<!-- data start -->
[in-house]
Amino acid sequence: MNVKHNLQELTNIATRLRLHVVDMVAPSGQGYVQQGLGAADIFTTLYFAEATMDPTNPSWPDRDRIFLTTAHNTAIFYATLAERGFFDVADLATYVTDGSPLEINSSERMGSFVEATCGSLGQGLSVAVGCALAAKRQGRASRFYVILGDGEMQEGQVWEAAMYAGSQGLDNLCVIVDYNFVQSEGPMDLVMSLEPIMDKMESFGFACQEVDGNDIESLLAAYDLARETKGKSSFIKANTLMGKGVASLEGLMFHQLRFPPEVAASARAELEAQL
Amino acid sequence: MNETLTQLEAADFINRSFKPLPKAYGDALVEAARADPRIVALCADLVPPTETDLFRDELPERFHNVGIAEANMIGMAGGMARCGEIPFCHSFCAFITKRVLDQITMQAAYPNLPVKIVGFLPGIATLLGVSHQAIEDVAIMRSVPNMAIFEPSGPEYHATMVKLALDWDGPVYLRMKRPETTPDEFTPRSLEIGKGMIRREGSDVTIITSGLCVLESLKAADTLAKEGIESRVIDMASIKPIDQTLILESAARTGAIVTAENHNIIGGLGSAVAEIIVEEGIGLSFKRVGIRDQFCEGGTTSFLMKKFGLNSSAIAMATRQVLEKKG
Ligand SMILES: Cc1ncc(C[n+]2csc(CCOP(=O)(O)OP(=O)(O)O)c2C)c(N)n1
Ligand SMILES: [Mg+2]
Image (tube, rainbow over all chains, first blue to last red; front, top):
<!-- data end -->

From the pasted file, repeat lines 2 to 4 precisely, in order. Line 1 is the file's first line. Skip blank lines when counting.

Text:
Amino acid sequence: MNVKHNLQELTNIATRLRLHVVDMVAPSGQGYVQQGLGAADIFTTLYFAEATMDPTNPSWPDRDRIFLTTAHNTAIFYATLAERGFFDVADLATYVTDGSPLEINSSERMGSFVEATCGSLGQGLSVAVGCALAAKRQGRASRFYVILGDGEMQEGQVWEAAMYAGSQGLDNLCVIVDYNFVQSEGPMDLVMSLEPIMDKMESFGFACQEVDGNDIESLLAAYDLARETKGKSSFIKANTLMGKGVASLEGLMFHQLRFPPEVAASARAELEAQL
Amino acid sequence: MNETLTQLEAADFINRSFKPLPKAYGDALVEAARADPRIVALCADLVPPTETDLFRDELPERFHNVGIAEANMIGMAGGMARCGEIPFCHSFCAFITKRVLDQITMQAAYPNLPVKIVGFLPGIATLLGVSHQAIEDVAIMRSVPNMAIFEPSGPEYHATMVKLALDWDGPVYLRMKRPETTPDEFTPRSLEIGKGMIRREGSDVTIITSGLCVLESLKAADTLAKEGIESRVIDMASIKPIDQTLILESAARTGAIVTAENHNIIGGLGSAVAEIIVEEGIGLSFKRVGIRDQFCEGGTTSFLMKKFGLNSSAIAMATRQVLEKKG
Ligand SMILES: Cc1ncc(C[n+]2csc(CCOP(=O)(O)OP(=O)(O)O)c2C)c(N)n1